The Care and Keeping of You: The Body Book for Younger Girls

Book review by
Darienne Stewart, Common Sense Media
The Care and Keeping of You: The Body Book for Younger Girls Book Poster Image
Helpful American Girl guide for girls starting puberty.

Parents say

age 9+
Based on 4 reviews

Kids say

age 8+
Based on 8 reviews

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A lot or a little?

The parents' guide to what's in this book.

Educational Value

Explains breast development, menstruation, hair growth, and other changes that come with puberty. Packed with practical tips: how to shave, use sanitary pads, get gum out of your hair, cope with swimmer's ear, eat healthfully, choose a bra, avoid athlete's foot, get rid of warts, warm up and cool down when you exercise, and much more.

Positive Messages

Focus on what your body can do, not what it looks like. Be kind to yourself and others. Instead of lashing out or isolating yourself when you're angry or unhappy, try to talk it out. Anger can be helpful when it leads to change. There's no reason to be ashamed about your body. Strong emphasis on confidence and being true to yourself. Warns against drugs, alcohol, and cigarettes. Includes some negative messages about appearance, weight and dieting, in the form of questions girls may be asking themselves about their appearance and weight, that could be damaging for young girls. 

Positive Role Models & Representations

Depicts girls with a variety of skin shades, hair types, and body shapes cheerfully taking care of themselves and bringing concerns to caring adults.

Violence & Scariness

What parents need to know

Parents need to know that The Care and Keeping of You: The Body Book for Younger Girls, published by American Girl, is a thorough, practical head-to-toe handbook to help girls handle everyday hygiene and manage the physical and emotional changes of early puberty. Author Valorie Lee Schaefer walks girls through the basics of puberty, including how girls' bodies change, how to choose a bra, and what menstruation is and how to manage it. It also discusses basic self-care from good sleep habits to exercise and nutrition, and discusses issues surrounding body image, including some negative messages about weight and dieting that could be damaging for young girls. Illustrations depict breast development and how to use sanitary pads. The book does not cover sexual activity. 

User Reviews

  • Parents say
  • Kids say
Adult Written byMommacoo November 21, 2020

Good information

I and my daughter love this book it is very informational but I would not recommend this for younger kids like 8, and younger but I love this and if you love it... Continue reading
Parent of a 10-year-old Written byLushes October 26, 2019


I think it was really good it helped my child threw puberty and talk to me more often I just got her the care and keeping of you 2 and she loves it I definitely... Continue reading
Kid, 9 years old January 27, 2018

Informational book packed with helpful details

This book was really educational and I learned a lot here. I think all girls at least 9 should read this book to get informed about the upcoming (or even alread... Continue reading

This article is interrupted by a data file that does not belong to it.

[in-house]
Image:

Kid, 11 years old November 19, 2017

This was really useful for me!

My mom bought me this book when I was eight or nine, and it was super useful. It taught me so much, you know, everything that I needed to know about my body abo... Continue reading

What's the story?

THE CARE AND KEEPING OF YOU: THE BODY BOOK FOR YOUNGER GIRLS is geared toward girls who are nearing -- or just beginning -- puberty. It covers all the basics of self-care, such as keeping hair clean and tangle-free, using sunscreen, cleaning teeth with braces, coping with acne, pampering blisters, and treating a sprain. One chapter focuses on changes in the pubic area and getting your period: what it is, what to do when it first begins, how to choose supplies and how to use them, and how to deal with PMS. The final chapter offers advice on navigating emotional ups and downs and maintaining good relationships.

Is it any good?

This empowering self-care manual is targeted to young girls who are on the brink of growing up -- and trying to figure out how to embrace these major changes with competence and confidence. Valorie Lee Schaeffer's mostly positive language and Josee Masse's cheerful illustrations help strip away self-consciousness children might have about discussing puberty or personal hygiene. It is important to note that while informative, this book does include some negative messages about body image and dieting that could be damaging for young girls.

Schaeffer offers tons of practical tips for solving problems girls might not even think to ask their parents about. She also urges girls to ask trusted adults for help and more information; parents may want to preview the book before handing over to kids, and then check in and make themselves available for questions. Older girls -- or girls who've already begun their period -- may appreciate the companion book, The Care and Keeping of You 2: The Body Book for Older Girls.

Talk to your kids about ...

  • Families can talk about body image and confidence in The Care and Keeping of You: The Body Book for Younger Girls. Are you happy with the way your body is changing? What messages in this book were most helpful to you?

  • This book gives a lot of attention to girls' concerns about body image. Do you think there's an ideal body type? Do you compare yourself to other girls, or models, or actresses?

  • Do you have questions this book didn't answer? If so, ask a trusted adult.

Book details

Our editors recommend

For kids who love coming-of-age stories and strong girls

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